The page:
School name: Wabash College, Crawfordsville, IN
Type of school: Small (<900 students), all-male liberal arts college
School locale: Crawfordsville is a small city of about 16,000, located about a 50 minute drive from Indianapolis and about a 2.5 hour drive from Chicago
Classes you teach: Behavioral Neuroscience, Introduction to Psychology, Research Methods & Statistics, Human Sexual Behavior, Drugs & Behavior
Average class size: Usually small, but a bit variable! My largest class is Introduction to Psychology (typically capped at 40 students, but often with approximately 30 students), but this semester, I have one advanced course with 7 students, a first-year seminar with 15, and will have a half-semester course with approximately 20 students starting in October.
What’s the best advice about teaching you’ve ever received?
I am not sure if I can recall one specific piece of advice, but I do feel that I have been fortunate to have an excellent community of mentors and colleagues here at Wabash, and in my earlier teaching positions (as a visiting professor at Knox College, and as a graduate student at the University of Minnesota). In each of my institutions, I have been grateful for the advice and support I found when I had concerns in my teaching and other professional work. Recently, though, one question that I recall being posed at a conference session (on how to structure a faculty development program) has been resonating with me: How can we make the best use of our limited time? As I enter mid-career, I find it just as much of a struggle to do everything that I think should be done. I think this is true for many of my colleagues as well, and we are all looking for ways to focus on our core work of educating students, while also balancing our service and research. I find questions such as this one to be very useful, especially as the semester ramps up, as an opportunity to step back and reflect on how well my activities – how I spend my time – matches my priorities.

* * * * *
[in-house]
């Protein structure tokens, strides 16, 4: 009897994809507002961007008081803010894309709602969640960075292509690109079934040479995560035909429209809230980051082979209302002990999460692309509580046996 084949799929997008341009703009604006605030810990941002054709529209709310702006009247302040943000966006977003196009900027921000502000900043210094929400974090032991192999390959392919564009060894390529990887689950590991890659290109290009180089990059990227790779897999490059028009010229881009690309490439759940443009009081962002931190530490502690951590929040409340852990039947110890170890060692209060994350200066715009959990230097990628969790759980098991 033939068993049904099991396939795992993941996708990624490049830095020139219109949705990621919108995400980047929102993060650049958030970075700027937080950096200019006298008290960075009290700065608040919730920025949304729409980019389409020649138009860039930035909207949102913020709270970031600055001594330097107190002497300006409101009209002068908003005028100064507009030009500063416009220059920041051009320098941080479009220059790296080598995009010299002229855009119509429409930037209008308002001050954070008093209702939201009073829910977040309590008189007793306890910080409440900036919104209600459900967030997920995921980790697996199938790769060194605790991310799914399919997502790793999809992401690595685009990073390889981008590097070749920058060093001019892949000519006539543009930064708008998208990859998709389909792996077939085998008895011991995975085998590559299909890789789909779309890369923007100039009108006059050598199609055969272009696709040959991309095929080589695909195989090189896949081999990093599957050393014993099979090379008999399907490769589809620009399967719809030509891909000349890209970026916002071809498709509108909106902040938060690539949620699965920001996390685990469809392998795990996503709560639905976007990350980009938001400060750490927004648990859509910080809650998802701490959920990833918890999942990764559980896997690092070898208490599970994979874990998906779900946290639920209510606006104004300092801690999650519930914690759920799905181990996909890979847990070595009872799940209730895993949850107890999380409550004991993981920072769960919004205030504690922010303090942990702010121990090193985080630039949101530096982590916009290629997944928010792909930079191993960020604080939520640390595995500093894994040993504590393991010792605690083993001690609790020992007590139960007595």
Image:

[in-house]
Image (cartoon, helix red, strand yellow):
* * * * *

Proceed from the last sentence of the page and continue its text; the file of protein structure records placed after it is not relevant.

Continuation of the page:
What book or article has shaped your work as a psychology teacher?
Earlier in my career, I think I was most influenced by P. F. Kluge’s Alma Mater, in which Kluge describes his experiences teaching at Kenyon College, his alma mater. I read the book as an undergraduate, and I found the portrait of the college professor presented by Kluge to be compelling, and one that I had in mind as I took my first full-time teaching position as a visiting professor (at my alma mater, Knox College). More recently, I have found myself often returning to Maryellen Weimer’s work, especially her posts on the Faculty Focus blog. As Wabash College’s Coordinator of Faculty Development, I have found the Faculty Focus pieces to be very useful in my own teaching, and as resources to share with my colleagues.
Briefly tell us about your favorite lecture topic or course to teach.
My main research is in the neuroscience of learning and memory, and I especially enjoy talking with my students about memory in my behavioral neuroscience courses. I find memory, such a critical part of our identity, to be endlessly fascinating, and I always enjoy getting the opportunity to talk with students about what we know about the physical processes that support memory: what is it about our brains that allows us to lay down some lasting trace? Why does memory sometimes fail us? What can we do to intervene in disorders that impact memory? Like many areas in neuroscience and psychology, I feel that we are living through an opportune moment, in which we have learned a great deal about these processes, but that there are still many exciting puzzles to solve about memory.